FCV® keeps the lung open and results in higher efficiency of ventilation than conventional ventilation strategies
The new ventilation method FCV®, solely applied by Evone, keeps the lungs open by controlling the full ventilation cycle. As depicted in Figure 1, FCV® relies on a continuous inspiratory and expiratory flow without notable pauses 33, which are present during Volume Controlled Ventilation (VCV) and Pressure Controlled Ventilation (PCV) at the end of inspiration and expiration. FCV® aims for a linear increase or decrease in intratracheal pressure, without sudden pressure changes as compared to conventional methods. A controlled and linearized airway pressure decline has been described to induce a recruiting effect 34. Thus, FCV® prevents the bronchioles and alveoli from collapsing at the end of expiration, enhancing oxygen uptake into the blood as well as CO2 removal.
Figure 1. Intratracheal/airway pressure, flow and volume curves for FCV®, VCV and PCV (see also Schmidt et al. 2019 37)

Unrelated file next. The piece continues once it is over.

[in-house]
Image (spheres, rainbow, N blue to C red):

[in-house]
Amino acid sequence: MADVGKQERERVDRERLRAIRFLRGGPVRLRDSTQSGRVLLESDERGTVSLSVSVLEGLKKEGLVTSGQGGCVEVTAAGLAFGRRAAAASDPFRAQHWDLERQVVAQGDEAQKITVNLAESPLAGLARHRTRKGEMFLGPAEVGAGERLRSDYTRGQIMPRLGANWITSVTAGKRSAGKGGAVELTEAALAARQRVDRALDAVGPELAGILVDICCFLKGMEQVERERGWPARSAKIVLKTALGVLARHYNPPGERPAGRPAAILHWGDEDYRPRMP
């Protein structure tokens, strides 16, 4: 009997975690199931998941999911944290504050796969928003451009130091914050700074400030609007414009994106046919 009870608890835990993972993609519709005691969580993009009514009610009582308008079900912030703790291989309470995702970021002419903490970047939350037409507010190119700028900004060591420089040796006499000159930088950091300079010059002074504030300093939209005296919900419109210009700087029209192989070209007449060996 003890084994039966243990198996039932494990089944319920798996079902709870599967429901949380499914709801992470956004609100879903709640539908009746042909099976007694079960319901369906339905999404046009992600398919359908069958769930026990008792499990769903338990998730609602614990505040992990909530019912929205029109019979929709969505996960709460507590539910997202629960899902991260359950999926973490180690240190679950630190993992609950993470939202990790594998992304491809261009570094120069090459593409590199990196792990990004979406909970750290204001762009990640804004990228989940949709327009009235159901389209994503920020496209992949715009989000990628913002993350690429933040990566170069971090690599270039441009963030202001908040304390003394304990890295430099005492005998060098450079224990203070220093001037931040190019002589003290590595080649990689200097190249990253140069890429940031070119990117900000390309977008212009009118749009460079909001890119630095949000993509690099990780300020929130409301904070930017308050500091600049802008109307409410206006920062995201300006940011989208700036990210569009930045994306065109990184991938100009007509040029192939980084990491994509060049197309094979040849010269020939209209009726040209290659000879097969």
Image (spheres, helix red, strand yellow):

Animal studies revealed a significantly higher ventilation efficiency of FCV® compared to the current golden standard VCV. In lung-healthy pigs, FCV® resulted in a 9% increase (P=0.002) in arterial oxygenation while using a 21% lower minute volume (P=0.02) for normoventilation as compared to VCV with similar PEEP and tidal volume settings 35. Analysis of dynamic computer tomography (CT) scans revealed that these effects were related to a better lung recruitment (Figure 2). These results were even more striking in a porcine model of acute respiratory distress syndrome (ARDS): Compared to VCV, with comparable tidal volumes and PEEP, FCV® led to a 46% increase of arterial oxygenation (P=0.035) while using a 26% lower minute volume (P<0.001) 36. In these lung-sick animals, FCV® prevented atelectasis and facilitated normal aeration in dependent (dorsal) lung parts.